from Wikipedia, the free encyclopedia
Vihara , Cave 1 of Ajanta Cave Temples , Ajanta, India
Reconstructed vihara of the Sukhothai period, Mueang Boran ("Ancient City") near Bangkok, Thailand

Vihāra is the Pali and Sanskrit designation for a Buddhist monastery building , in the original word meaning for a residence or a refuge; Wandering monks sought such a “refuge” during the rainy season . The Indian Vihara became the basic model for Buddhist monastery buildings in numerous Asian cultures - one example is the Wihan in Thailand .

See also: Brahmavihara

The Vihara in India

In the Buddhist Indian architecture are two typical building shapes developed: the Chaitya -Halle (a prayer hall, in the apse , a small stupa rises) and the Vihara (a central cavity, a central courtyard and a central hall, usually rectangular, simple with surrounding Monk cells). The term Vihara later referred to the entire monastery complex.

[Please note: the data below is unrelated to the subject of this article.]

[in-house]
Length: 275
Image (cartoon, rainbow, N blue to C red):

The Wihan in Thailand

The Thai term Wihan (also: Vihan or Viharn , Thai : วิหาร ) has a narrower meaning: it refers to a specific building within a Buddhist temple complex , a wat , namely the common assembly hall of the order members and lay people. The Wihan is decorated like a bot (including Buddha statues ), but mostly not as rich. Here suttas are recited and prescribed ceremonies are held, in which lay people are allowed to participate.

Architecturally, Wihan and Bot differ only in eight boundary stones ( Bai Sema ) , which mark the bot as a consecrated area.


Web links

Commons : Vihara  - collection of images, videos and audio files


  1. Ashish Nangia :: The Buddhist Vihara on, accessed January 3, 2015.
  2. Oliver Freiberger, Christoph Kleine: Buddhismus. Manual and critical introduction. Vandenhoeck & Ruprecht, ISBN 978-3-525-50004-0 , pp. 399-402.